top of page

It's a Vision Thing. 5 problems with the Digital School Exams vision, and how to improve it.

Why are we digitising school exams? Major UK exam owners made their 2023 autumn announcements, and created a momentary news splash. But the story appears to have stalled. Have the Manuscript Martyrs won? Or does the sector's vision need a re-think? Do they actually have a digital exam vision? Here are five problems the school digital exam mission has, and how it can be improved.


1 No Digital Exam vision School exams seem stuck in a political holding pattern, such as digitisation of England’s Reception Baseline Assessment. Countries such as Australia, Denmark, Ethiopia, Estonia, Finland, Indonesia, Latvia, New Zealand, Portugal, Singapore, UAE, and West Africa are getting on with it. What is the British digital exam vision?


Create and Deliver a Vision everyone understands a) Identify the need for change: why paper exams oppress too many learners. State the challenges - show they've already been overcome. b) Articulate the vision: define the ideal digital exam delivery scenarios, stating the wins for equity and accessibility. c) Action: share the vision concisely, and effectively on platforms that matter to stakeholders.


2 Few stories show positive effects Too many journalists and organisations show muddled thinking, clinging to weak tropes about ‘march of the robots’, AI, and fact-free catastrophizing. Open goals such as environmental benefits were confusing and fumbled, and stories still include risible evidence-free rent-a-quotes.

Too many digital exam stories give oxygen to risible evidence-free rent-a-quotes

Craft a compelling narrative of successful deployment Show and tell how digital exams work for different stakeholders. Paint a picture of how digital deployment already works in different settings. Explain what off-site delivery of school digital exams looks like. Detail how to procure the IT kit. Show how to source external exam delivery capacity.


3 Key benefits remain elusive The ‘back catalogue’ of digital exam benefits from the last 30 years are still obscure, and not mainstream. To UK educators, digital exams are unspoken B-Sides; the success stories should be as common as Abba.

UK educators think digital school exams are obscure, like B-Sides. The success stories should be as common as Abba.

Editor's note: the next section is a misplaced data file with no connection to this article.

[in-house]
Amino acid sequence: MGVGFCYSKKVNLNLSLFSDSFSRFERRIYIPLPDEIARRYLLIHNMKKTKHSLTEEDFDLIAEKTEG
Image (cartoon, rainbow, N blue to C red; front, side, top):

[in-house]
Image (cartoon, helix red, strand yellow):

Create and showcase directly relevant examples Deliver a sustained programme of sharing examples of digital exam deployment examples. Leverage practitioner communities who actively lead and support exam delivery.


4 No curation or evaluation of digital school exams Trade bodies and exam owners must shape discussion, so regular folk can understand digital exams. Otherwise we have quotes from a handwriting course provider and a bizarre handwriting association. Why are these backwater oddballs getting coverage?

Why are backwater oddballs such as handwriting associations getting quotes in mainstream UK media on digital exams, and not the trade sector?

Trade Bodies such as ALT, BESA, eAA, FAB, FLIP, and JCQ must Curate, Educate, and Guide exam and tech people together on a regular, scheduled basis. Agree on shared principles, language, evidence, case studies, and demands. They must move the debate on, and relate proven practices. Update glossaries. And are we talking about e-Assessment, digital exams, e-testing, on-screen, or something else?


5 No more heroes? Sector leaders popped-up in October, then disappeared, and journalists moved on. When only 51% of teachers believe SEN learners would benefit from on-screen exams, that is deeply worrying. Where are the heroes and figureheads banging the digital exam drum day-in day-out, moving that percentage up?


Use the digital exam and education influencers There are some very famous learners out there who can move the debate on. Leaders must be visible and actively winning over doubters, removing blockers to progress.


It’s 2024 – know and understand how to reach your stakeholders!

Comments


Commenting has been turned off.
bottom of page